The March 2021 Campus Reform report found that the contracts signed by universities with the Hanban/Confucius Institute Headquarters let the CCP decide and control what to teach at CIs. {12} For example, Texas Southern University’s 2012 contract stated that the university “must accept the assessment of the [CI] Headquarters on the teaching quality.” The same wording also appeared in the CI contracts with six other universities, including the Central Connecticut State University, Baruch College, the University of Southern Maine, the University of Wisconsin-Platteville, The University of Toledo, and Binghamton University.

The contract/agreement for the CI at the Central Connecticut State University further stated that, “The University Institute shall review evaluations and recommendations made by the Confucius Institute Headquarters on the quality of the programs and make any necessary modifications.” The contracts and agreements for CIs at Georgia State University, Southern Utah University, and Binghamton University all had similar language. {13}

According to the National Association of Scholars (NSA) 2017 report, CI contracts include stipulations that all classes and personnel must “adhere to Chinese law.” {14}

Senators Portman (R: Ohio)& Carper’s(D: Ohio) eight-month long investigation found that it is the CCP that pays teachers to teach Chinese language and culture in Confucius Classrooms of K-12 grade schools. There are more than 500 Confucius Classrooms in the U.S. Hanban operates the Cis, provides teachers, and institutes directors, operating funds, textbooks, and classroom materials. Chinese directors and teachers at all CIs have to pledge to protect China’s national interests. {15}

Ted Foss, the Deputy Director of the Center for East Asian Studies (CEAS) at the University of Chicago, revealed that the CCP assigned a deputy director from Renmin University to the University of Chicago without giving him any teaching or specific duties. It seemed he was serving as Hanban’s eyes. Foss felt, “At every level — from the Politburo authority over the Hanban headquarters to the deputy director from Renmin reporting on the Chicago C.I., with its echo of the (Chinese communist) party official monitoring a Chinese university department…”  and that the Chicago CI is subject to surveillance and control by the party (the CCP). {16}

By embedding itself in U.S. college campuses and academic institutes, the CI program allowed the CCP directly to spread its own version of human rights and its own verion of Chinese history.  As Liu Yunshan (a CCP Politburo member and head of the CCP Central Propaganda Department from 2002 to 2017) stated in a 2010 Party Building article, “With regard to key issues that influence our sovereignty and safety we should actively carry out international propaganda battles against issuers such as Tibet, Xinjiang, Taiwan, human rights, and Falun Gong. … We should do well in establishing and operating overseas cultural centers and Confucius Institutes.” {17}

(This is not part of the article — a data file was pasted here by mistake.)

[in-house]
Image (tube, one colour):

CIs subvert important academic principles of autonomy and freedom of inquiry, aim to promote the CCP’s version of historical events, distort the history of China, and make no mention of the CCP’s appalling human rights record. In some CI classrooms, quotes from Mao Zedong are hung on the wall. On the surface, CIs claim to teach Chinese culture, while, in fact, they promote communist doctrine and transmit the CCP’s culture. Certain topics about China are banned in Cis, such as Tibetan independence, the status of Taiwan, the Tiananmen massacre, Falun Gong, and universal human rights. To be consistent with the “cultural activities” of CIs, the presentation must present a positive picture of a peaceful, harmonious, and attractive People’s Republic of China.  {18}

In 2009, the CI of North Carolina State University used its influence to stop a scheduled visit of the Dalai Lama to the university. In April 2013, the CI of Sydney University actively attempted to prevent the Dalai Lama from coming to speak in June. {19} On July 22, 2014, Xu Lin, then Director General of Hanban ordered several pages to be removed from the conference program at the 20th Exchange of the European Association for Chinese Studies (EACS) in Portugal. Those pages included an advertisement for the Taiwan-based Chiang Ching-kuo Foundation for International Scholars. Xu claimed that “there were some abstracts whose contents were contrary to Chinese regulations.” Roger Greatrex, the President of EACS and Director of the Centre for East and South-East Asian Studies at Sweden’s Lund University, protested Xu’s bullying action. According to Greatrex, Taiwan’s Chiang Ching-kuo Foundation has a long history of sponsoring the conference and has never interfered with conference proceedings. Though it was the CI’s first year sponsoring the EACS conference, it already started “owning and directing” the conference program. {20}

The CIs not only censor certain topics in teaching, but also distort the history of the CCP in their teaching. A video and a chapter in an advanced history text for Confucius Classrooms on “The War to Resist U.S. Aggression in Korea,” claimed that China entered the Korean war (to defend itself) in response to the U.S.’ bombing Chinese villages across the border. The video was originally in the children’s section of the Hanban website. It was taken down in 2012 after Professor Christopher Hughes of the London School of Economics shared a link with colleagues about CI teaching materials. Professor Jane Teufel Dreyer, who teaches Chinese government and foreign policy at the University of Miami, wrote. after studying several such videos and the related events, “They are outrageous distortions of what actually happened.” {21}